The strong results in the Mexican studies with CPP-109 were highly encouraging but the unfavorable US trial results create uncertainty about the outcome of the critical phase IIb US trial now underway. However, besides the Mexican studies, there are reasons to believe that CPP-109 is an effective drug and could be successful in this trial. The National Institute on Drug Abuse (NIDA) believes that CPP-109 has such promise that it is funding most of the $10 million cost of the US trial. The Mexican phase II trial was published in in the American Journal of Psychiatry in 2009 which suggests that the addiction treating physician community takes the results of the Mexican trial very seriously. And finally, CPP-115 and CPP-109 have both been granted fast track status by the FDA for the treatment of cocaine dependency, a status that is accorded to promising drugs that address unmet medical needs and facilitates their development and regulatory review.
CPP-109 is not the ultimate answer to cocaine addiction. If the Mexican results are validated with the ongoing US trial, it would indicate that it can help 30% or more of cocaine addicts achieve abstinence when used in conjunction with behavioral modification. This compares to about 5% to 8% for behavioral modification alone. The potential for causing long term abstinence is not clear because studies to date have been limited to three to four months of treatment. However, in a market desperate for drug treatment options, it could be a very successful commercial product.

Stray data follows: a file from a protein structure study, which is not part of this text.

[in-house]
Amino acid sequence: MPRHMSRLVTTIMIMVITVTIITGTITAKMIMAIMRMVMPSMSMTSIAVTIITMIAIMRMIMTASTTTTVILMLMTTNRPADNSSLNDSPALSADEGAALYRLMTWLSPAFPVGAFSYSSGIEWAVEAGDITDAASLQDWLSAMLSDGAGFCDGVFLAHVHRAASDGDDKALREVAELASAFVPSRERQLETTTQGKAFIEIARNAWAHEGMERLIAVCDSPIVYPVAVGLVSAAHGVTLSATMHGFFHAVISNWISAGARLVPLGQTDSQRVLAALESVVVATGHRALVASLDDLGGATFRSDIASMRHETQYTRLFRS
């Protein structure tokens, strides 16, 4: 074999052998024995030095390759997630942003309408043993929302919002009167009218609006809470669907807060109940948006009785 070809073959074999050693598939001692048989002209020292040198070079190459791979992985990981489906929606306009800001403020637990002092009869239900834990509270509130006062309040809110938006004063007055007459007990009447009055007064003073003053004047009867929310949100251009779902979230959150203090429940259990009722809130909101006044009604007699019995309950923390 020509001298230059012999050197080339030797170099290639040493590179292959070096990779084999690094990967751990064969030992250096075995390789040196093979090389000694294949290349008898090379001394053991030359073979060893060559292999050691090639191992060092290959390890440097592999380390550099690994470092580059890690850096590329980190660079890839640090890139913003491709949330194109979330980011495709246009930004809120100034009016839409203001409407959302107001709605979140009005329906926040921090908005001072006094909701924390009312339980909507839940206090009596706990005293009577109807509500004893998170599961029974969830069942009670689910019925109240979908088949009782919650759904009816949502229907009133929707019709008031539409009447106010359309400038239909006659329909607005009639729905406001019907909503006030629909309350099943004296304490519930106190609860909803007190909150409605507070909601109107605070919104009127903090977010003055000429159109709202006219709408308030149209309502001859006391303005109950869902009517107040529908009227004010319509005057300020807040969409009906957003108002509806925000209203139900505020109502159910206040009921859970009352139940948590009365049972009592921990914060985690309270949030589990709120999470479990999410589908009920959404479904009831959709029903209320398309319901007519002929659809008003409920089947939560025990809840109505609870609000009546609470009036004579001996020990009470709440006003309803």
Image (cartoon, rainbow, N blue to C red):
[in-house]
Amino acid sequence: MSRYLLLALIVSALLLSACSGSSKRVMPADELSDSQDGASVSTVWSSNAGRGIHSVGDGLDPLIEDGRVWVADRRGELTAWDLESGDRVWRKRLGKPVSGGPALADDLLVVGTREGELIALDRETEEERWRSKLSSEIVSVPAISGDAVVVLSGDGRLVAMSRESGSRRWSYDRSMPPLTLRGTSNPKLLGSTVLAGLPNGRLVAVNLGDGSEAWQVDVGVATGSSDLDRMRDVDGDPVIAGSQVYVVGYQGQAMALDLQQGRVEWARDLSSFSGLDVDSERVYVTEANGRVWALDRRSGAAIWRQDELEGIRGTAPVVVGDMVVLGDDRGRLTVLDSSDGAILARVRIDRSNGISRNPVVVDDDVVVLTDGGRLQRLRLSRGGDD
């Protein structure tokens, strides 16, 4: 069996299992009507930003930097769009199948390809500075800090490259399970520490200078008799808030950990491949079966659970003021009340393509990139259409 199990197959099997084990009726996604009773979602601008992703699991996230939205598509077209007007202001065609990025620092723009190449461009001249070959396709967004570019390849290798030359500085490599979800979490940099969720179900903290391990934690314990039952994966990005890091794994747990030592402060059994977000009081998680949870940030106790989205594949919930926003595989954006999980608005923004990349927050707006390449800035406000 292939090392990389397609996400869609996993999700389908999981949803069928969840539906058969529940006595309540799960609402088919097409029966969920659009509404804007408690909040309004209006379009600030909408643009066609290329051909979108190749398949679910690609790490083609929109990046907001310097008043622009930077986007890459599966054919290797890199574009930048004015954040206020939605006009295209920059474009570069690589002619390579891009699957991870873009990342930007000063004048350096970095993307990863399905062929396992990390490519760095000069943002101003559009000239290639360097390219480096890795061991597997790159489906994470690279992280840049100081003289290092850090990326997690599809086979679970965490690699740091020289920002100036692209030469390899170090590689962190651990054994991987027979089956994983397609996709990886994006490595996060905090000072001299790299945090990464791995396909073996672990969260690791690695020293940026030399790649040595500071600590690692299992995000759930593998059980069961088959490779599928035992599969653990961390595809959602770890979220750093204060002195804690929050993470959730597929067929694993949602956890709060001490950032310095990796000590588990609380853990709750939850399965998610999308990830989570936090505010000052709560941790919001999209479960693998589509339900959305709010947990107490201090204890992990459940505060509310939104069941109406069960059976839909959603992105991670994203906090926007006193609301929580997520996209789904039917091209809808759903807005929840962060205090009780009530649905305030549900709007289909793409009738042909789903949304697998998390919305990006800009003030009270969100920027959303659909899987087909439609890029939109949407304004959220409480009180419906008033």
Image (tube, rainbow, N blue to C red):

Intuitively, I think that most investors would feel that if CPP-109 if approved for cocaine addiction that it will be a significant drug. It would be an early mover in a market with $1.8 billion of potential sales. It may or may not be first to market so that it could be in competition with other drugs. Still, in this large market, it would seem possible that it could carve out $200 to $400 million of sales before it loses patent protection in 2018, 2019 or 2020.
The product will probably have to be partnered which will reduce the economics to Catalyst as it might co-promote the drug and receive a royalty, but weighed against the diminutive $30 million market capitalization of Catalyst this seems to be a compelling opportunity. CPP-115, if successfully developed has the potential to enormously enhance the outlook for Catalyst with its much greater sales potential and long patent life, but until the drug confirms pre-clinical studies in phase II human studies, I am reluctant to place too much emphasis on this drug.